44 Boötis

From Wikipedia, the free encyclopedia
  (Redirected from 44 Bootis)
Jump to navigation Jump to search
44 Boötis
Observation data
Epoch J2000      Equinox J2000
Constellation Boötes
Right ascension 15h 03m 47.29565s[1]
Declination +47° 39′ 14.6228″[1]
Apparent magnitude (V) 4.75[2] (5.136 / 6.004)[3]
Characteristics
Spectral type G0Vnv[4] + (K0V + K4V)[5]
U−B color index 0.09[2]
B−V color index 0.65[2]
Variable type W UMa
Astrometry
Radial velocity (Rv)-17.89[6] km/s
Proper motion (μ) RA: -445.84[1] mas/yr
Dec.: 19.86[1] mas/yr
Parallax (π)78.39 ± 1.03[7] mas
Distance41.6 ± 0.5 ly
(12.8 ± 0.2 pc)
Absolute magnitude (MV)+2.211[7] / +5.38[8]
Orbit[9]
Primary44 Boo A
Period (P)209.8 ± 3.3 yr
Semi-major axis (a)3.666 ± 0.021″
Eccentricity (e)0.5111 ± 0.0065
Inclination (i)83.55 ± 0.05°
Longitude of the node (Ω)57.14 ± 0.06°
Periastron epoch (T)B 2012.04 ± 0.26
Argument of periastron (ω)
(secondary)
39.86 ± 0.68°
Orbit[8]
Period (P)0.267818 days
Eccentricity (e)0.0
Semi-amplitude (K1)
(primary)
231.31 km/s
Semi-amplitude (K2)
(secondary)
112.70 km/s
Details
44 Boo A
Mass1.04 ± 0.10[9] M
Luminosity1.552[3] L
Surface gravity (log g)4.33[10] cgs
Temperature5,877[10] K
Metallicity [Fe/H]-0.24[10] dex
Age1.4–1.5[11] Gyr
44 Boo B
Mass1.28 ± 0.02[9] M
Other designations
i Boötis, i Boo, ADS 9494, CCDM 15038+4739, BD+48°2259, Gl 575, HD 133640, HIP 73695, HR 5618, SAO 45357.[12]
Database references
SIMBADdata

44 Boötis or i Boötis is a triple star system in the constellation Boötes. It is approximately 41.6 light years from Earth.

The primary component, 44 Boötis A, is a yellow-white G-type main sequence dwarf with a mean apparent magnitude of +4.83. The companion component, 44 Boötis B, is a W Ursae Majoris variable spectroscopic binary. The variability of this star system was discovered by English astronomer William Herschel.[13] The brightness of the binary varies from magnitude +5.8 to +6.40 with a period of 6.43 hours. The components of the eclipsing binary are close enough to allow their stellar envelopes to overlap, or at least nearly so.[14]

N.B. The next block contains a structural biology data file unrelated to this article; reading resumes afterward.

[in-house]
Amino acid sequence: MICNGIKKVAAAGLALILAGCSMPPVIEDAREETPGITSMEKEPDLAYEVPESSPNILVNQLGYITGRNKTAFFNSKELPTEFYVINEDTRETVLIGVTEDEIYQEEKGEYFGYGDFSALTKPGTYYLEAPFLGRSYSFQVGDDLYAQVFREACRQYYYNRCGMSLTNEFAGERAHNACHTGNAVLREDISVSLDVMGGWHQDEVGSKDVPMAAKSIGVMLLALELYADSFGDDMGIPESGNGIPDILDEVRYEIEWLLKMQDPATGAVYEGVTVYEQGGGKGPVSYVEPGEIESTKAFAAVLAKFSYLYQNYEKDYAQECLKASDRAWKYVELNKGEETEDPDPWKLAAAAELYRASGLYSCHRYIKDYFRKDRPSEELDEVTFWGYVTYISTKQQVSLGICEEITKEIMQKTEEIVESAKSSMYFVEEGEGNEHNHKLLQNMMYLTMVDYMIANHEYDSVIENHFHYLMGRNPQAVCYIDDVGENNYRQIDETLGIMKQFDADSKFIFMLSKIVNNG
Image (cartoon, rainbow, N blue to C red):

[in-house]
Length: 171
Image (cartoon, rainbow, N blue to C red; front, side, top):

The 44 Boötis system is 42 light-years (13 parsecs) from Earth.[7] It also may show signs of an infrared excess, implying the existence of a dust disk that absorbs visible light and re-emits it as infrared light. The dust would have a blackbody temperature of about 23 K, situated up to 182 au from the parent star.[3]

References[edit]

  1. ^ a b c d van Leeuwen, F. (November 2007), "Validation of the new Hipparcos reduction", Astronomy and Astrophysics, 474 (2): 653–664, arXiv:0708.1752, Bibcode:2007A&A...474..653V, doi:10.1051/0004-6361:20078357.
  2. ^ a b c Mermilliod, J.-C. (1986), "Compilation of Eggen's UBV data, transformed to UBV (unpublished)", Catalogue of Eggen's UBV data, SIMBAD, Bibcode:1986EgUBV........0M.
  3. ^ a b c Montesinos, B.; et al. (September 2016), "Incidence of debris discs around FGK stars in the solar neighbourhood", Astronomy & Astrophysics, 593: 31, arXiv:1605.05837, Bibcode:2016A&A...593A..51M, doi:10.1051/0004-6361/201628329, A51.
  4. ^ Gray, R. O.; Napier, M. G.; Winkler, L. I. (April 2001), "The Physical Basis of Luminosity Classification in the Late A-, F-, and Early G-Type Stars. I. Precise Spectral Types for 372 Stars", The Astronomical Journal, 121 (4): 2148–2158, Bibcode:2001AJ....121.2148G, doi:10.1086/319956.
  5. ^ Zasche, P.; Wolf, M.; Hartkopf, W. I.; Svoboda, P.; Uhlař, R.; Liakos, A.; Gazeas, K. (2009). "A Catalog of Visual Double and Multiple Stars with Eclipsing Components". The Astronomical Journal. 138 (2): 664. arXiv:0907.5172. Bibcode:2009AJ....138..664Z. doi:10.1088/0004-6256/138/2/664.
  6. ^ Bilir, S.; et al. (February 2005), "Kinematics of W Ursae Majoris type binaries and evidence of the two types of formation", Monthly Notices of the Royal Astronomical Society, 357 (2): 497–517, arXiv:astro-ph/0411291, Bibcode:2005MNRAS.357..497B, doi:10.1111/j.1365-2966.2005.08609.x.
  7. ^ a b c Eker, Z.; et al. (2009), "New absolute magnitude calibrations for W Ursa Majoris type binaries", Astronomische Nachrichten, 330 (1): 68–77, arXiv:0807.4989, Bibcode:2009AN....330...68E, doi:10.1002/asna.200811041.
  8. ^ a b Lu, Wenxian; Rucinski, Slavek M; Ogłoza, Waldemar (2001). "Radial Velocity Studies of Close Binary Stars. IV". The Astronomical Journal. 122: 402. arXiv:astro-ph/0104065. Bibcode:2001AJ....122..402L. doi:10.1086/321131.
  9. ^ a b c Zirm, Henry (2011). "The Rapid Convergence of 44 Boötis with Revised Orbit and Updated Ephemerides" (PDF). Journal of Double Star Observations. 7 (1): 24–36. Bibcode:2011JDSO....7...24Z.
  10. ^ a b c Ramírez, I.; et al. (September 2012), "Lithium Abundances in nearby FGK Dwarf and Subgiant Stars: Internal Destruction, Galactic Chemical Evolution, and Exoplanets", The Astrophysical Journal, 756 (1): 46, arXiv:1207.0499, Bibcode:2012ApJ...756...46R, doi:10.1088/0004-637X/756/1/46.
  11. ^ Mamajek, Eric E.; Hillenbrand, Lynne A. (November 2008), "Improved Age Estimation for Solar-Type Dwarfs Using Activity-Rotation Diagnostics", The Astrophysical Journal, 687 (2): 1264–1293, arXiv:0807.1686, Bibcode:2008ApJ...687.1264M, doi:10.1086/591785.
  12. ^ "* i Boo". SIMBAD. Centre de données astronomiques de Strasbourg. Retrieved 2015-04-22.
  13. ^ Percy, John R. (2007), Understanding Variable Stars, Cambridge University Press, p. 3, ISBN 1139463284.
  14. ^ Kaler, Jim. "Asellus Tertius". Retrieved 2017-09-06.

External links[edit]